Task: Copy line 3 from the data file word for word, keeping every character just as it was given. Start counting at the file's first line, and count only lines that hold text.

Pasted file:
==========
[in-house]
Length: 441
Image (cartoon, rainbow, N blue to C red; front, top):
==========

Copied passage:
Image (cartoon, rainbow, N blue to C red; front, top):